Finally - the missing piece to improve public education

Finally - the missing piece to improve public education

June 15th, 2014 in Opinion Times

Public education in Hamilton County is paramount to our community's future.

That's actually an extreme understatement that often gets nods, but then short shrift.

And, yes, we have many education support groups: PTAs and teachers' groups; PEF (Public Education Foundation) and regional groups like the MEF (Mountain Education Fund). We have so many education groups that identify themselves with acronyms that sometimes our news pages look like alphabet soup.

What we don't have is any group to pull it all together.

"What's missing is the community," said Elizabeth Crews, the new executive director of the new organization UnifiEd.

If Crews and UnifiEd have anything to do with it, that's about to change.

UnifiEd, launched recently by a bipartisan group of civic, business and community leaders, hopes to lead a grassroots and community-based effort to improve public education in Hamilton County.

Crews and Deputy Executive Director Lakweshia Ewing say UnifiEd will hire community organizers and then focus on creating neighborhood-level teams of volunteers to support their local schools, educate the public on challenges and opportunities in the schools and support leaders who make education a priority.

This is a long-needed change in Chattanooga and Hamilton County - something to get all the groups talking together about ways to influence and improve education here.

Dan Challener, president of PEF, says the new group will be a "really good complement to the work that we do ... to strengthen education."

PEF works with teachers, principals and students, whereas UnifiEd will work more with the community.

"There's a lot of overlap, but I think that's good," Challener said. "We have the same mission and goals, but different strategies."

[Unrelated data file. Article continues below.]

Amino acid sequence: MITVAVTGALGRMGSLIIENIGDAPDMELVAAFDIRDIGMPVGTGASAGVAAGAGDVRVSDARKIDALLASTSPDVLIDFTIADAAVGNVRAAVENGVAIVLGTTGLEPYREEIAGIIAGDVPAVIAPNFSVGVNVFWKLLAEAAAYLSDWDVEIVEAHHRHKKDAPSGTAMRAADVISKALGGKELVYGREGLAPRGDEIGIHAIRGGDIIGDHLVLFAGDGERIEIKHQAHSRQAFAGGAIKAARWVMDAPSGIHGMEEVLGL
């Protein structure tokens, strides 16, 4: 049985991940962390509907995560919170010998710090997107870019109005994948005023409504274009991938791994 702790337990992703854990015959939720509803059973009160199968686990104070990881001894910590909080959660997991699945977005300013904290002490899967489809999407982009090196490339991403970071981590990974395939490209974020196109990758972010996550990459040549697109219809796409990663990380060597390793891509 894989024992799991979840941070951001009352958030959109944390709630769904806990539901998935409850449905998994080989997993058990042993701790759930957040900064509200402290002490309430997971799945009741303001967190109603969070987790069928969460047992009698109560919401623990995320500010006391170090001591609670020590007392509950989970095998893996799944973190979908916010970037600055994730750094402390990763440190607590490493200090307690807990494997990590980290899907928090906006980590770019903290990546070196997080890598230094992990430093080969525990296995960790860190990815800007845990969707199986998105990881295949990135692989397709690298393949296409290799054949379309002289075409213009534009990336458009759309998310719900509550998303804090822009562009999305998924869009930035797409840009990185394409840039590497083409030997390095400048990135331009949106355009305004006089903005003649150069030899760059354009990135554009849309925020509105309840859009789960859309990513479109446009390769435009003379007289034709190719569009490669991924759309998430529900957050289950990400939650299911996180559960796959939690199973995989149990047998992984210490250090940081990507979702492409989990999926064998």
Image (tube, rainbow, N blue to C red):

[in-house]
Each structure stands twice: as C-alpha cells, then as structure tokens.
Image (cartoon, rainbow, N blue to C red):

How can a grassroots effort in education influence things here?

For starters, it can galvanize everyone toward improvement and toward expecting success and excellence. And how about moving the school board meetings to times and locations where ordinary parents can participate, rather than 5 p.m. on a Thursday once a month in Bonny Oaks - some 12 to 15 miles from the city center with no public transportation access.

How about a school board web page with detailed - emphasis on detailed - meeting agendas? And here's a thought: an opportunity for the public to address the board that doesn't require almost an act of Congress?

Already the group plans to talk with school board candidates and hold two open forums for those candidates. But the group, a 501(c)3 organization, will not endorse candidates, say Crews and Ewing.

The initial funders of UnifiEd are the Benwood, Footprint and Maclellan foundations.

The board members, too, are impressive: Alison Lebovitz, a television host for WTCI; Tahnika Rodriquez, a former president of the Junior League and a senior manager at TVA; Paul Brock, a financial advisor and former president of the Tennessee Aquarium; Justin Wilkins, a community engagement consultant at Change Driven Strategies; Jermaine Freeman, a former teacher, entrepreneur and graduate of the University of Tennessee at Chattanooga College of Business; Edna Varner, a former teacher and principal in the Hamilton County schools; Linda Mosley, a former school board member and vice president at Regions Bank; Jack Murrah, a former teacher and former president of the Lyndhurst Foundation; Rudy Foster, a recent graduate of the University of Chicago and Hamilton County public schools; David Eichenthal, a former CEO of the Ochs Center for Metropolitan studies and managing director at PFM (Public Financial Management, Inc.).

This kind of group and effort is a important piece of making public education work for everyone in Hamilton County.

UnifiEd is long overdue, highly needed and wholeheartedly welcome.